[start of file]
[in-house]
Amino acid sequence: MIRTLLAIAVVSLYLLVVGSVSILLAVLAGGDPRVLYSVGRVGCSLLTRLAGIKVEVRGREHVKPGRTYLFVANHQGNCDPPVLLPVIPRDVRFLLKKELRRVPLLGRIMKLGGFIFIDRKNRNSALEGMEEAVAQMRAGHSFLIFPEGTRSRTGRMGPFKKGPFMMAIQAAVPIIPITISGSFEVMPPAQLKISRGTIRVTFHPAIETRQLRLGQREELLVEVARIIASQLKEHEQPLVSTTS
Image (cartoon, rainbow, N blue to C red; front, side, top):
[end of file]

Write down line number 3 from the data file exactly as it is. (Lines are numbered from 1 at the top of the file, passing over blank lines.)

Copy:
Image (cartoon, rainbow, N blue to C red; front, side, top):